To view this PAPER PRESENTATION, search for the session title in the Browse by Titlelisting. (See the session title located immediately below ["In Session:"])
In Session: National Identity in East Asian Museums
2: Translating Regional to National Struggle: The September 18th History Museum and the PRC’s Evolving Discourse on the War of Resistance against Japan
Thursday, March 25, 2021
12:00pm – 1:30pm EDT
University of Virginia, United States
“The September 18th Incident became the origin of the Chinese people’s War of Resistance against Japan and began the global Anti-Fascist War.” This quote from Xi Jinping, which looms large on the homepage of the September 18th History Museum, leaves no doubt as to the CCP’s stance on the event in question. The CCP is now prioritizing the Manchurian Incident (September 18, 1931) as the official start date of the War of Resistance against Japan and is simultaneously choosing to incorporate this into a larger, global narrative on World War II.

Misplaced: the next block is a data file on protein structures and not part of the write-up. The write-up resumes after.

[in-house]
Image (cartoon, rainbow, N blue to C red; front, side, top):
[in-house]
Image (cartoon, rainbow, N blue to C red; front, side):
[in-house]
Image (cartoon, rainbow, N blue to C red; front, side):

Public museums are powerful conduits of state propaganda in the PRC and as such are useful mechanisms for gauging shifts in national discourse. This paper examines how the permanent exhibits in the September 18th History Museum display an expanded timeline of the War of Resistance against Japan, ostensibly all under the aegis of CCP leadership. Previously, this museum narrative was part of a discourse largely limited to the Northeast. Now, however, these “14 years of anti-Japanese struggle” have been incorporated into the greater national imaginary to further underscore the CCP’s salvific role in rescuing both the Chinese people from the “century of humiliation” and the world from the growing global specter of fascism. In focusing on the interplay between the regional and national narratives, this paper adds to the scholarship of Kirk Denton, Rana Mitter and Wang Zheng on the portrayal of the War of Resistance against Japan as a key component of patriotic education in the PRC.